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'It’s frustrating': Wrestlers and coaches forced to adjust when it comes to recruiting in a pandemic

Cody Goodwin
Des Moines Register

This was supposed to be a big spring and summer for Aidan Noonan.

A rising senior at Cascade, Noonan made history in February when he defeated West Sioux’s Adam Allard in the Class 1A state final at 126 pounds. He’s the first Iowa wrestler ever to beat a three-time state champion going for a fourth title.

The victory rocketed Noonan up national big boards. He is considered the No. 175 overall prospect in the 2021 class by MatScouts. Colleges are calling, and a strong showing during the summer months could’ve helped him become a consensus top-100 recruit.

But the coronavirus had other plans, canceling every big national wrestling event that’s normally planned for the spring and summer. Because of that, wrestlers hoping to be recruited won't get as many opportunities this summer.

So instead of competing at a slew of national tournaments, meeting coaches and taking college visits, Noonan is just wrestling with his brother every day at home.

“We have a full-sized mat in our barn,” Noonan told the Des Moines Register. “We are pretty fortunate to have that. I’m not sure when I’ll compete again.

“I’ve been getting calls and stuff, but it’s hard because of the dead period. I can’t visit any schools right now.”

The coronavirus shut down sports nationwide in mid-March. The start of the Iowa high school baseball and softball seasons garnered national attention this week, leading team sports’ slow-and-steady return, ahead of even professional sports leagues.

Wrestlers, especially those hoping to get recruited this summer, are facing a different kind of challenge.

USA Wrestling, the sport’s governing body, offers many regional and national events throughout the spring and summer months — national dual competitions, age-level world team trials, national championships, among others. College coaches routinely attend each to evaluate and recruit.

But in late April, USA Wrestling postponed all regional tournaments, age-level world team trials and national dual competitions. A month later, it canceled the 16U and Junior freestyle and Greco-Roman national championships, arguably the biggest and toughest high school wrestling tournaments in the country.

What’s more, the NCAA implemented a recruiting dead period that’s been extended to July 31, banning in-person contact between coaches and wrestlers. Electronic communication is allowed — texts, phone calls, video chats — but visits are not.

“Both on and off the mat, the recruiting situation is unprecedentedly frustrating and difficult,” Willie Saylor, the lead writer and talent evaluator at MatScouts, wrote last month.

He continued: “No events means virtually no evaluations. And that's devastating to an industry predicated on two things: prospects and development.”

For coaches, this summer will be a huge test in the way of talent evaluation and salesmanship.

“We’ve very invasive in our process,” Iowa coach Tom Brands told Trackwrestling this month. “We recruit the Division I pile, but we go a little bit deeper, because this place is different. The coaching philosophy is different. The fans’ expectations are different.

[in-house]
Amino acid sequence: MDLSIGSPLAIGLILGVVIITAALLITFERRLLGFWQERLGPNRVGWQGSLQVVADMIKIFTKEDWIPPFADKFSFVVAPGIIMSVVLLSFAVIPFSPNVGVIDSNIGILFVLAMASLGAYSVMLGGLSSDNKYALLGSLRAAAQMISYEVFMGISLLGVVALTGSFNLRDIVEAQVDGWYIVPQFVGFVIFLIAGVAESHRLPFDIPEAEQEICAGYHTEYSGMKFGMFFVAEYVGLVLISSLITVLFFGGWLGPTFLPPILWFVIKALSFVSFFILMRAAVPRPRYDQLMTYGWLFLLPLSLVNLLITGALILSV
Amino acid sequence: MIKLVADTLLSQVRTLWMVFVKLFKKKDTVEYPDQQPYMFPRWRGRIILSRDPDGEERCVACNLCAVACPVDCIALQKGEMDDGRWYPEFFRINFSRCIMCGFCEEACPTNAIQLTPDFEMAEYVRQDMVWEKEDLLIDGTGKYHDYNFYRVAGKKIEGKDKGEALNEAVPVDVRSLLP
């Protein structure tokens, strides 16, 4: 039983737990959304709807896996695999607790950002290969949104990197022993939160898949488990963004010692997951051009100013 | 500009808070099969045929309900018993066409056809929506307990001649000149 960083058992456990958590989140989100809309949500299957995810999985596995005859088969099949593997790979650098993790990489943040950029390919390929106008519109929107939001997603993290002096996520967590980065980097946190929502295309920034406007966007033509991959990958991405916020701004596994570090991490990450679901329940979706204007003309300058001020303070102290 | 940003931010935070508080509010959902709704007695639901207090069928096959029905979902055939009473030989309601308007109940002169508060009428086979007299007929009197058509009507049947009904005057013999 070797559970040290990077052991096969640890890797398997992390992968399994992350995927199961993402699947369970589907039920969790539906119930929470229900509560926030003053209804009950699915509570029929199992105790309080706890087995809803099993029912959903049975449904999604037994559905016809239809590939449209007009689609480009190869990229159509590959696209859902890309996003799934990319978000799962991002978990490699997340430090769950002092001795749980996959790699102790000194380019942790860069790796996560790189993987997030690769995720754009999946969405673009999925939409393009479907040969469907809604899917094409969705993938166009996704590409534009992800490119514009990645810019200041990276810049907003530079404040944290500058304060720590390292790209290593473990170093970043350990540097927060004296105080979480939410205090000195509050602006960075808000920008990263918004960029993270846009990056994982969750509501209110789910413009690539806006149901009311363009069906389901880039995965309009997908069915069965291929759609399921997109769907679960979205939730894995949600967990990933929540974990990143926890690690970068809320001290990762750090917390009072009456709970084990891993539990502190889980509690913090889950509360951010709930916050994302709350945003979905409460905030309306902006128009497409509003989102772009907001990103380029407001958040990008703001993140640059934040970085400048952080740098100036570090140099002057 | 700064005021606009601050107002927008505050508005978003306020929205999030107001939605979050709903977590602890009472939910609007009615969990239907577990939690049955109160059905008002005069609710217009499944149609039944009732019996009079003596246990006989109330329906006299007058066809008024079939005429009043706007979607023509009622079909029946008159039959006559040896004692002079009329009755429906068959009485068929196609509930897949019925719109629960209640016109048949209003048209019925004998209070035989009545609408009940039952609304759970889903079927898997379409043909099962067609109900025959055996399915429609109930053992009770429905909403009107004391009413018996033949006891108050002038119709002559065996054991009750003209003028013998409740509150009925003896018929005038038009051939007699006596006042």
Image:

“If you sign up for this, you have to understand all those things.”

All three of Iowa’s Division I programs appear up to the task. Iowa picked up commitments in both March and April, while Iowa State and Northern Iowa have each picked up three recruits in as many months.

But the challenges have been difficult because of the restrictions and lack of top-tier tournaments.

“We don’t have as much to go off of as we normally do,” Iowa State coach Kevin Dresser said. “I think the best way to do it is to have conversations with club coaches and high school coaches. I’ve always said that recruiting is like buying stock.

“It’s never a perfect science, but it’s even less so right now, and it’s frustrating.”

The lack of exposure could ultimately hurt some wrestlers, too.

Iowa’s 2019 in-state senior class had 17 wrestlers go Division I. The class of 2020 had 18. But the 2021 class has just four committed to Division I programs today — Fort Dodge’s Drake Ayala, Ankeny’s Caleb Rathjen (both Iowa), Union’s Adam Ahrendsen (Northern Iowa), and Waverly-Shell Rock’s Bailey Roybal (South Dakota State).

More are poised to join, but the coronavirus wiped out the summer schedule. Per MatScouts, four more 2021 in-state wrestlers are among the nation’s top-200 prospects: Noonan, Sergeant Bluff-Luton’s Jack Gaukel at No. 153; Independence’s Brandon O’Brien, No. 177; and Ames’ Gabe Greenlee, No. 195.

Furthermore, college wrestling coaches could begin contacting recruits in the 2022 class on June 15. Iowa’s in-state 2022 class features six top-100 prospects, per MatScouts — third-most behind Pennsylvania (15) and Ohio (11).

This summer would’ve been their first opportunity for many recruits to receive real feedback from college coaches after competing on a national stage. Now, just like everybody else, they’ll have to wait.

“I'd argue that, at no other time, do we learn more about the recruiting value of a particular wrestler than during the summer after their sophomore season,” Saylor wrote. “The cancelation of events is devastating to the sophomore class.”

Cody Goodwin covers wrestling and high school sports for the Des Moines Register. Follow him on Twitter at @codygoodwin.

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